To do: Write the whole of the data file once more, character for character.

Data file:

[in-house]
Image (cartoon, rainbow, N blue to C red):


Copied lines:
[in-house]
Image (cartoon, rainbow, N blue to C red):